Let the past sleep, but let it sleep in the sweet embrace of Christ, and let us go on into the invincible future with Him. (Oswalt Chambers)

Sunday, February 19, 2006


Diane asked . . .
Wherever did you find to order it? (Stahman's Shawls and Scarves)
This book was on my mental list of things I needed to buy someday. I wrongly assumed there was no hurry.

They had it at Knitpicks a while ago. When I went to add it to my last order they didn't have it anymore.

Amazon only showed three used copies, the lowest price was worn and $50! Highest price $193.

Fortunately, there are still some yarn shops that have copies, and I was able to Google and find it for the regular price, $30, at Knitter's Bookshelf. I ordered it immediately in case Rocking Chair Press doesn't do another printing.

DebbieB asked . . .
Does CIC accept donations from people who don't belong to the organization?
With gratitude!

There are approximately 700,000 children in Eastern Europe living in orphanages with winter indoor temperatures hovering around 45 Fahrenheit (that's 7 Celsius). They can never have too many sweaters, vests, and socks, in at least 70% wool. (I use 100% wool.)

The knitted items are sent to a central location (Kathy’s garage). They are then packed into suitcases and taken directly to the orphanages by couples traveling to the area to pick up a child they are adopting. This prevents the donations from being "side tracked" and sold, never making it to their intended destination.

e-mail Me for Kathy's address.

Just for the record, I do not belong to CIC. I do belong to the CIC Knit List, a Yahoo group to support and encourage each other as we knit for the kids.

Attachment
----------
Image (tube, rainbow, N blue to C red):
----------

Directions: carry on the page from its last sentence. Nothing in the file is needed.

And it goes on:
Dorothy asked . . .
Did you notice that the new Interweave Knits has two patterns for fingerless gloves?
Not until the entire knitting community was done getting their copy delivered before mine arrived, finally, on Friday.

The Rib-and-Cable Mitts are on my list to knit. I'll make the cuffs longer to provide more coverage for the CIC caretakers.

I didn't think the Pom-Pom Fingerless Mitts were attractive, but the pattern is of interest because it's knit from the knuckles down to the cuffs, just the opposite of all my other fingerless mitt patterns. Next time I'm using balls of leftover worsted, I'll give this a technique try so I don't run out of yarn mid-hand. But I'll use a different stitch pattern.

Loren asked . . .
Your FLAK is looking good. How large is your neck opening? How many stitches did you have to pick up and knit on each saddle?
My saddles are 2.5 inches wide and 4 inches/31 stitches long. I picked up 31 stitches.

To get a front neck drop of three inches, I subtracted half the saddle width, 1.25 inches and did a drop of 1.75 inches. The width (without the neckband, of course) is 7.5 inches.

All these measurements are calculated from my washed and blocked swatches, not the actual unwashed and unblocked knitting.

Since we are each calculating our own pattern based on our own measurements, I'm not sure how much good this information is to anyone other than myself. If you want to compare your calculations with mine, you need to know that I measured 15 inches across the back. I added a half inch so as to get all the cables in and have the cables fall where I thought they looked best at the neckline. Since a half inch is only a quarter inch on each side, I don't expect this to be a problem. It may even be a blessing since I don't want this sweater to fit tightly.

No comments: